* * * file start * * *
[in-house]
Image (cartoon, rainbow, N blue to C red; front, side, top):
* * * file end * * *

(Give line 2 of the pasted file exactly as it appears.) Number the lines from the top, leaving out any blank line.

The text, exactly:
Image (cartoon, rainbow, N blue to C red; front, side, top):